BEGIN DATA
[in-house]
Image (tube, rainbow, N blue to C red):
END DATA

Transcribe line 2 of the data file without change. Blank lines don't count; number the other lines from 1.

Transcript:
Image (tube, rainbow, N blue to C red):